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Jack 1877   By: (1840-1897)

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By Alphonse Daudet

Translated by Mary Neal Sherwood

From The Fortieth Thousand, French Edition.

Estes And Lauriat, 1877



"With a k , sir; with a k . The name is written and pronounced as in English. The child's godfather was English. A major general in the Indian army. Lord Pembroke. You know him, perhaps? A man of distinction and of the highest connections. But you understand M. l'Abbé! How deliciously he danced! He died a frightful death at Singapore some years since, in a tiger chase organized in his honor by a rajah, one of his friends. These rajahs, it seems, are absolute monarchs in their own country, and one especially is very celebrated. What is his name? Wait a moment. Ah! I have it. Rana Ramah."

"Pardon me, madame," interrupted the abbé, smiling, in spite of himself, at the rapid flow of words, and at the swift change of ideas. "After Jack, what name?"

With his elbow on his desk, and his head slightly bent, the priest examined from out the corners of eyes bright with ecclesiastical shrewdness, the young woman who sat before him, with her Jack standing at her side.

The lady was faultlessly dressed in the fashion of the day and the hour. It was December, 1858. The richness of her furs, the lustrous folds of her black costume, and the discreet originality of her hat, all told the story of a woman who owns her carriage, and who steps from her carpets to her coupé without the vulgar contact of the streets. Her head was small, which always lends height to a woman. Her pretty face had all the bloom of fresh fruit. Smiling and gay, additional vivacity was imparted by large, clear eyes and brilliant teeth, which were to be seen even when her face was in repose. The mobility of her countenance was extraordinary. Either this, or the lips half parted as if about to speak, or the narrow brow, something there was, at all events, that indicated an absence of reflective powers, a lack of culture, and possibly explained the blanks in the conversation of this pretty woman; blanks that reminded one of those little Japanese baskets fitting one into another, the last of which is always empty.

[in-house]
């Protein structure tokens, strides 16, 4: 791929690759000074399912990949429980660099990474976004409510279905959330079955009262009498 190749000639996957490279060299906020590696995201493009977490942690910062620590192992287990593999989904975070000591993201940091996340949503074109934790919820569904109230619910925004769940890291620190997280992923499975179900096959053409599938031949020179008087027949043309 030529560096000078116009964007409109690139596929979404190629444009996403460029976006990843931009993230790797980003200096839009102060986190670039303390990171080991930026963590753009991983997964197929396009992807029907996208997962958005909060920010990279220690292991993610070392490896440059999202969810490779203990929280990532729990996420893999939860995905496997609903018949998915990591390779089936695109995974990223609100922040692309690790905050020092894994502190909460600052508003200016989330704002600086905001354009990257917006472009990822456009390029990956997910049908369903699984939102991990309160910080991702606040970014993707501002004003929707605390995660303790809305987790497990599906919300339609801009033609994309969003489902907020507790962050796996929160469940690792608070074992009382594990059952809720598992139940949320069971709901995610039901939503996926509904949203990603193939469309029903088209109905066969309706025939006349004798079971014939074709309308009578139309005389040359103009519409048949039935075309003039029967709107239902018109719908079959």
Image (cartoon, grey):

As to the child, picture to yourself an emaciated boy of seven or eight, who had evidently outgrown his strength. He was dressed as English boys are dressed, and as befitted his name spelled with a k . His legs were bare, and he wore a Scotch cap and a plaid. The costume was in accordance with his years, but not with his long neck and slim figure.

He seemed embarrassed by it himself, for, awkward and timid, he would occasionally glance at his half frozen legs with a despairing expression, as if he cursed within his soul Lord Pembroke and the whole Indian army.

Physically, he resembled his mother, with a look of higher breeding, and with the transformation of a pretty woman's face to that of an intelligent man. There were the same eyes, but deeper in color and in meaning; the same brow, but wider; the same mouth, but the lips were firmly closed.

Over the woman's face, ideas and impressions glided without leaving a furrow or a trace; in fact, so hastily, that her eyes always seemed to retain a certain astonishment at their flight. With the child, on the contrary, one felt that impressions remained, and his thoughtful air would have been almost painful, had it not been combined with a certain caressing indolence of attitude that indicated a petted child.

Now leaning against his mother, with one hand in her muff, he listened to her words with adoring attention, and occasionally looked at the priest and at all the surroundings with timid curiosity. He had promised not to cry, but a stifled sob shook him at times from head to foot. Then his mother looked at him, and seemed to say, "You know what you promised." Then the child choked back his tears and sobs; but it was easy to see that he was a prey to that first agony of exile and abandonment which the first boarding school inflicts on those children who have lived only in their homes... Continue reading book >>

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